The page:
Pecora in Perspective: Everything Old is New Again — the Pecora Commission Redux
Nancy Pelosi has called for the creation of a new Pecora Commission, and have been quite a few mentions of the Pecora Commission in the news lately. However, I have seen little that actually goes to first sources and explains exactly what the Pecora Commission was and what it did. I will attempt to fill that void.
I have been reading the final report and some of the hearing transcripts. What strikes me, first and foremost, is that they read as if the testimony was taken last week, instead of in the mid-1930’s. You don’t even have to change the names , very much. The same entities, for example Citigroup the known as National City Bank of New York and its stock trading arm National City Company, Inc. were advancing the “too big to fail” argument back then, too.
Executive compensation consisting of a “base pay” that represented a small percentage of total compensation plus various “bonus pools” were the norm for top executives back then as well. There were even off shore subsidiary tax avoidance schemes uncovered. And there were even pyramid scheme scandals.
Reading the “Report of the Committee on Banking and Currency” pursuant to Senate Resolution 84 of the 72nd Congress and Senate Resolutions 56 and 97 of the 73rd Congress is much like reading any newspaper today; the same schemes, the same scandals, the same excuses.
So, what is different? Well, back in the 1930s the concentration of wealth and power into the hands of a few Masters of the Universe was seen as dangerous and undemocratic. After all, the fewer the number of people making momentous decisions that would vastly affect the economy, the more likely that they will begin to act in tandem, so that mistakes in judgment by a few, and a few who mostly talked only to each other, could have disastrous consequences for the many.
Also, a lack of transparency in the markets created a climate where the temptation to fraud and self dealing was almost overwhelming, because the chances of being caught were so slight, so long as Ponzi scheme or fund continued to make payments to “investors”.
The report also decries the practice of making loans on margin to fuel speculation in stocks. Speculation is essentially a “bet” on whether a stock will go up or down, as opposed to investment which is a judgment about whether or not the investor thinks a particular company is being run well and profitably. Would you encourage a system whereby people take out loans to fund a gambling trip to Las Vegas or Atlantic City? I doubt it, yet investors, even small investors are encouraged to buy and sell “on margin” as if this were some kind of prudent practice. Today we call speculators “day traders,” but they are really just placing bets using the stock market as their betting forum.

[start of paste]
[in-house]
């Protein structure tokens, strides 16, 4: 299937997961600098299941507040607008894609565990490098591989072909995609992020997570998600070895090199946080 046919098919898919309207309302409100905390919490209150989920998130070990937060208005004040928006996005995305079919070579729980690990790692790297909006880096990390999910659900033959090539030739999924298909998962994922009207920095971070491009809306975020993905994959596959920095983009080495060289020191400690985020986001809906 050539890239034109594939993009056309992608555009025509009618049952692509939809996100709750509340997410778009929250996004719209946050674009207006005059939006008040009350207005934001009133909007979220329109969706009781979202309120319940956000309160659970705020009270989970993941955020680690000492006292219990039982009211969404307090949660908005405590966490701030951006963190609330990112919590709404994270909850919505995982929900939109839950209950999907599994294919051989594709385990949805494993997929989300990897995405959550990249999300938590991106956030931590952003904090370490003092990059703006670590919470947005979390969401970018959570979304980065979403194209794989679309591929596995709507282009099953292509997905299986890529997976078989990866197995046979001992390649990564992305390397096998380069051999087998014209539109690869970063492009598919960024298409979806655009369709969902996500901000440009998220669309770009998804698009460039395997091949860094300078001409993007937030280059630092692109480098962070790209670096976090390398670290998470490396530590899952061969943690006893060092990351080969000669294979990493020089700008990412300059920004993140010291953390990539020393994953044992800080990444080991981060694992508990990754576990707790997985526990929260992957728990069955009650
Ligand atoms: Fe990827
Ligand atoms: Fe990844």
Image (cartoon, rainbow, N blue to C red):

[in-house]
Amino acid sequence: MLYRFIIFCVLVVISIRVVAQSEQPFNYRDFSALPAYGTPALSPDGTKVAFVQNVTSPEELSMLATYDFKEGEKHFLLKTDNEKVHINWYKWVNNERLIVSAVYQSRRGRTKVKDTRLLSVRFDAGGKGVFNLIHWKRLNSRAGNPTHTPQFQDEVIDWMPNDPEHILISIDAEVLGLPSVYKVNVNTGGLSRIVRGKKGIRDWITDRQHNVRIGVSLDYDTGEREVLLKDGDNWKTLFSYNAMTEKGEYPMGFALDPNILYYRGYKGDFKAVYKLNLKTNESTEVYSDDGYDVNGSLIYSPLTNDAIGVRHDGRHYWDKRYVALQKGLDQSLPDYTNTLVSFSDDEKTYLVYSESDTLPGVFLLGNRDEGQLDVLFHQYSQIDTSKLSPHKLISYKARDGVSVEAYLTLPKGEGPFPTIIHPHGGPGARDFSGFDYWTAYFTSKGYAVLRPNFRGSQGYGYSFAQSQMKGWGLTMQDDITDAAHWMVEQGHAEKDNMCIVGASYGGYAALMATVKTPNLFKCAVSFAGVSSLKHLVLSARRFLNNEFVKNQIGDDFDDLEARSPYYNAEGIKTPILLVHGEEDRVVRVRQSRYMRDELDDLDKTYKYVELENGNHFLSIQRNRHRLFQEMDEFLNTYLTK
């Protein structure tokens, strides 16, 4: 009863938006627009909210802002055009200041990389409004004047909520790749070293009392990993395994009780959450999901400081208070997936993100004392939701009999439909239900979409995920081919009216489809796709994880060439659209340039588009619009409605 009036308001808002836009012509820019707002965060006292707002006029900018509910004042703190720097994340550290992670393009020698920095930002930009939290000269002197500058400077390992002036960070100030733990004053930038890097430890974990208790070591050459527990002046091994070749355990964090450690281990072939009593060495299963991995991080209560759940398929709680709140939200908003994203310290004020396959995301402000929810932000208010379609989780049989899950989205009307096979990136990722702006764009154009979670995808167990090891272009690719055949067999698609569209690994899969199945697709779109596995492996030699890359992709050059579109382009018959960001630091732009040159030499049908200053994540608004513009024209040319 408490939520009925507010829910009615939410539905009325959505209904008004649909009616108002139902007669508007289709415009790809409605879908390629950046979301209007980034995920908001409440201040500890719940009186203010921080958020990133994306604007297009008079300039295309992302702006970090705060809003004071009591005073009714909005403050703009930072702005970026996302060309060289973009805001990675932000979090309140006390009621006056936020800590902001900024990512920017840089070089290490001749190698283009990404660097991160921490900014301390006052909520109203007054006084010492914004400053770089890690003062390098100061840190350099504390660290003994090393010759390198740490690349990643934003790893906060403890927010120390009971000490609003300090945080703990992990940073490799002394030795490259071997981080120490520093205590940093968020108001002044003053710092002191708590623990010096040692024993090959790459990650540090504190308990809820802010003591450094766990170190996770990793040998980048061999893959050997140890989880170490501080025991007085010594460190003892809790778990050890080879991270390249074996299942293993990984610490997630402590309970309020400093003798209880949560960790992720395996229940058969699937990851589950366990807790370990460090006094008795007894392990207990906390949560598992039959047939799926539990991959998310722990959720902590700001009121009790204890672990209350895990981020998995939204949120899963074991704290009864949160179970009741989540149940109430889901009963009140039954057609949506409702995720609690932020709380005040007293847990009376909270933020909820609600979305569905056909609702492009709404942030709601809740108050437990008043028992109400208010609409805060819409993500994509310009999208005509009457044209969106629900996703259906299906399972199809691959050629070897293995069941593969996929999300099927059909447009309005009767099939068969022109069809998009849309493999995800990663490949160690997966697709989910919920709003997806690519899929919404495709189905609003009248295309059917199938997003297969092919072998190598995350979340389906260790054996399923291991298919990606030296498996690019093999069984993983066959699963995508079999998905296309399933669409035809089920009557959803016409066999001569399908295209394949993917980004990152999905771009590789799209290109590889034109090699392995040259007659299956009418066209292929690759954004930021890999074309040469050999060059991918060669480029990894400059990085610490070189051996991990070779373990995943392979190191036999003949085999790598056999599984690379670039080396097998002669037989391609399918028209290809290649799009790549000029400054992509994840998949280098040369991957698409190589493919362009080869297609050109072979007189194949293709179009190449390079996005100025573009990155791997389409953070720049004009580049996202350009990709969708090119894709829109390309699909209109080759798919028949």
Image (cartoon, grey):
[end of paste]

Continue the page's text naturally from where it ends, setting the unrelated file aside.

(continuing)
Congress, in the response to the revelations that came out during testimony held from April 1932 to May 1934, passed a series of laws intended to remedy some of the worst abuses and to provide oversight and create some transparency in the markets. During this period, the Banking Act of 1933 (more commonly referred to as Glass-Steagall) was passed. It required the divorcement of commercial banks from their investment affiliates and created federal bank deposit insurance.
Congress also passed the Securities Act of 1933, which required issuers of securities to disclose material information about those securities to the public before offering those securities for sale. The Securities Exchange Act of 1934 which created the SEC. The Trust Indenture Act of 1940 placed additional registration requirements on a class of securities that included Bonds, debentures and notes offered for sale. The Investment Company Act of 1940 regulates mutual funds and similar entities. You can reach the full text of these laws via hotlinks at the SEC’s website.
This is the first part of a continuing series on the original Pecora Commission and its relevance today.